# Testing Instrument Functionality¶

## Overview¶

When developing new instrument classes, or adding functionality to existing instruments, it is important to also add automated checks for the correctness of the new functionality. Such tests serve two distinct purposes:

• Ensures that the protocol for each instrument is being followed correctly, even with changes in the underlying InstrumentKit behavior.
• Ensures that the API seen by external users is kept stable and consistent.

The former is especially important for instrument control, as the developers of InstrumentKit will not, in general, have access to each instrument that is supported— we rely on automated testing to ensure that future changes do not cause invalid or undesired operation.

For InstrumentKit, we rely heavily on pytest, a mature and flexible unit-testing framework for Python. When run from the command line via pytest, or when run by Travis CI, pytest will automatically execute functions and methods whose names start with test in packages, modules and classes whose names start with test or Test, depending. (Please see the pytest documentation for full details, as this is not intended to be a guide to pytest so much as a guide to how we use it in IK.) Because of this, we keep all test cases in the instruments.tests package, under a subpackage named for the particular manufacturer, such as instruments.tests.test_srs. The tests for each instrument should be contained within its own file. Please see current tests as an example. If the number of tests for a given instrument is numerous, please consider making modules within a manufacturer test subpackage for each particular device.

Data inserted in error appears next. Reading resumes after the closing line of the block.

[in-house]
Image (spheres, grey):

Below, we discuss two distinct kinds of unit tests: those that check that InstrumentKit functionality such as Property Factories work correctly for new instruments, and those that check that existing instruments produce correct protocols.

TODO

## Expected Protocols¶

As an example of asserting correctness of implemented protocols, let’s consider a simple test case for instruments.srs.SRSDG645:

def test_srsdg645_output_level():
"""
SRSDG645: Checks getting/setting unitful ouput level.
"""
with expected_protocol(ik.srs.SRSDG645,
[
"LAMP? 1",
"LAMP 1,4.0",
], [
"3.2"
],
sep="\n"
) as ddg:
unit_eq(ddg.output['AB'].level_amplitude, u.Quantity(3.2, "V"))
ddg.output['AB'].level_amplitude = 4.0


Here, we see that the test has a name beginning with test_, has a simple docstring that will be printed in reports on failing tests, and then has a call to expected_protocol(). The latter consists of specifying an instrument class, here given as ik.srs.DG645, then a list of expected outputs and playback to check property accessors.

Note that expected_protocol() acts as a context manager, such that it will, at the end of the indented block, assert the correct operation of the contents of that block. In this example, the second argument to expected_protocol() specifies that the instrument class should have sent out two strings, "LAMP? 1" and LAMP 1,4.0, during the block, and should act correctly when given an answer of "3.2" back from the instrument. The third parameter, sep` specifies what will be appended to the end of each lines in the previous parameters. This lets you specify the termination character that will be used in the communication without having to write it out each and every time.